As anyone who has read The Hobbit knows, the story diverges from the Lord of the Rings in a few major ways, ranging from the more humorous and stylized tone to the nature of the story being more quest-based than good vs. evil, and I’m thrilled to the movie captures this perfectly. Rather than try to capture that same tone and spirit of the Lord of the Rings movies, the Hobbit movies created their own, and the film is every bit as charming and magical as the book, with a few winks and shout-outs to both Tolkien’s stories and the Lord of the Rings films tossed in, with a few more of the untold tales added in. Better still, the script is as sharp as Glamdring, at times both cunning and clever, and often humorous – the latter part surprised me the most with a number of one liners and scenes leaving the audience in fits, ranging from a toe-tappingly catchy rendition of ‘Blunt the Knives’ to the always entertaining schizophrenic Gollum. Yet if you came here looking for depth, fear not, for the film delivers the same sort of heroism and humility delivered by The Lord of the Rings, and a number of touching moments, from a monologue by Gandalf in the middle of the film to a scene between Bilbo and Thorin near the end. While some might complain of the length, it’s not padded at all, rumors to the contrary, and though it gets off to a slow start in the Shire, once the company sets off, you can’t help but be swept away with them, from escaping some particularly hungry trolls to fighting their way through Goblintown.
Though it should be of little surprise, a major highlight of the film is the characterization and the acting. Much like with Jackson’s prior work with the Lord of the Rings, the characters are much more fleshed out than in Tolkien’s work, but the effect is much more pronounced here than it was in Lord of the Rings, if only that in the Hobbit, aside from Bilbo, few of the other characters are given much more than dialog. Here, they are given personalities, motives, little details that make getting to know each one of them a delight. Not only do we see more of main characters like Gandalf and Thorin Oakenshield than we did in the books, but each of the dwarves are given a personality, and even the villains are developed further.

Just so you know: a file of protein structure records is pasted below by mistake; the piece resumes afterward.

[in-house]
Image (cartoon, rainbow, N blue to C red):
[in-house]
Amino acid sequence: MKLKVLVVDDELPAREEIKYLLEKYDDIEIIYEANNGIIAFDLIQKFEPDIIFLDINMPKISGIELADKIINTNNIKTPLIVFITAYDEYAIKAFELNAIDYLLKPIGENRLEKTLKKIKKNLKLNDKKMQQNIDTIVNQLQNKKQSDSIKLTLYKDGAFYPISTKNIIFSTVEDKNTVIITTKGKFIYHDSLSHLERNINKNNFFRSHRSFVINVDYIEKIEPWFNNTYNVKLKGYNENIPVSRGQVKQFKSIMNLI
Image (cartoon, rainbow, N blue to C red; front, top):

This is largely helped by the performances of the cast, who from the biggest role to the smallest, knock the ball out of the park. Martin Freeman, who plays Bilbo, captures that same humor, homesickness, and growing heroism of the character that made The Hobbit a classic, all of which Freeman captures perfectly, and he is a joy to watch on screen. Ian McKellen, once again as Gandalf the Grey, showcases a side to the character we never got to see in Lord of the Rings, with the wizard’s motivations and character far more fleshed out this go around. Richard Armitage, and indeed, all thirteen actors playing the dwarves, make living, breathing characters out of dwarves whom in the book barely got names, and they are a joy to watch in action, giving us the best batch of dwarves this side of Game of Thrones (Anyone else wish they could have cast Peter Dinklage in this somewhere? Peter Dinklage makes everything better). Once again, Andy Serkis steals the show as Gollum, with the Riddles in the Dark scene providing one of the movies highlights – at this point, I would pay money to see three hours of Smeagol/Gollum arguments. Even the minor cast members work magic – my personal favorite had to be the Great Goblin, played by legendary Australian humorist Barry Humphries, whom a few of you may know better as Bruce the Shark from Finding Nemo, and he’s a riot here as well. About the only complaint I have is Sylvester McCoy as Radagast the Brown – imagine if they’d had Tom Bombadil in Lord of the Rings – and even he had some great moments. Overall, you have an all-star ensemble cast working their magic and you can’t help but be enchanted.